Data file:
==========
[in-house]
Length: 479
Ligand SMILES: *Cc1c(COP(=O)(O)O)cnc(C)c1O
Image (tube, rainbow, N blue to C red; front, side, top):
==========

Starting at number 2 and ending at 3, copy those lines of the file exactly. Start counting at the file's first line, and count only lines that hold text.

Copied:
Length: 479
Ligand SMILES: *Cc1c(COP(=O)(O)O)cnc(C)c1O